The most prevalent issues in community safety include domestic violence, as well as lack of options for treating mental health crises and addictions. This is a deep look at how Minnesota families and neighborhoods are impacted by these often-overlooked issues of public safety, and how Minnesotans can address these issues in a more comprehensive way than what policing is able to comfortably and effectively handle due to lack of personnel, attention, or training.

Prevalence: Domestic Violence

A 140-page report by Global Rights for Women, titled “An Institutional Analysis of the Minneapolis Police Response to Domestic Violence,” was released in June. It noted that in Minneapolis, from January 2019 to December 2022, one-third of all aggravated assaults were related to intimate partner violence.

Second only to drug cases, the highest caseloads with the Hennepin County Attorney General’s office were related to domestic assaults — despite being a crime that tends to be under-reported as well as under-investigated.

Former Minnesota Department of Public Safety commissioner John Harrington once said, “When I was police chief in Saint Paul, I discovered that domestic violence was the most frequent violent crime committed in my city, and it was all too often preventable.” 

According to the National Coalition Against Domestic Violence, on one typical day in 2019 there were 1,975 adult and child survivors of domestic violence in Minnesota being served by programs, with another 352 turned away because of lack of resources. This does not include people who have not turned to criminal justice or social service systems.

Less common, according to the latest data report by the Minnesota Bureau of Criminal Apprehension, were 201 murders and 779 carjackings reported in the state in 2021.

That year, deputies from the Hennepin County Sheriff’s Office Violent Offender Task Force and officers with the Minneapolis Police Department teamed up, with air support from the Minnesota State Patrol, to target groups of individuals responsible for robberies and carjackings in South Minneapolis. The three-day operation resulted in 46 arrests, including recovery of 15 firearms. 

A study in 2017 by the Police Conduct Oversight Commission noted that police officers wrote reports or made arrests in 20 percent of the domestic violence calls from 2014 to 2016. In that time, the Minneapolis police department received more than 43,000 calls about domestic violence.

Prevalence: Mental Health Crisis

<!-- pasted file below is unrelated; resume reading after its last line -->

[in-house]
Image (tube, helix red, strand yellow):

The National Institute of Mental Health estimates that more than 14 million adults in the U.S. suffer from a serious mental, behavioral, or emotional disorder that interferes with major life activities. A 2015 report by the Treatment Advocacy Center indicated that this 5 percent of the population generates sometimes ten calls for police intervention, 20 percent of the people incarcerated, 33 percent of the transportation to emergency rooms by police. Additionally, an estimated 25 percent of fatal police encounters involves a person with a severe mental illness.

In addition, suicide deaths are increasing fastest among people of color, young people, and those who live in rural areas; data indicates rates have grown by 30 percent or more for some populations from 2011 to 2021. The Center for Disease Control provisional data indicate 2022 had the highest recorded suicide deaths.

In Minnesota, a workgroup was convened in 2015 by the Department of Human Services, in partnership with the local chapter of the National Alliance of Mental Illness (NAMI), to examine systems of criminal justice related to mental health and substance use — including prevention, intervention, treatment, and recovery. 

The results of that investigation were compiled in the “Offenders With Mental Illness” legislative report, which indicated that a system was “far from” developed — despite the passage 30 years earlier of the Comprehensive Mental Health Act to develop a statewide system of response to mental health treatment. County jails were overburdened because of lack of resources for people with mental illness who needed crisis services, treatment, healthcare, housing, employment, and therapy. The number of people in correctional facilities had tripled between 1982 and 2007, the report said, and one in six of those in jail had serious mental illness, including a majority with substance use disorders.